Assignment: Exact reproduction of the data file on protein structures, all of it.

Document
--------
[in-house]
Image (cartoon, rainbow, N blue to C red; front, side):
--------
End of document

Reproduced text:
[in-house]
Image (cartoon, rainbow, N blue to C red; front, side):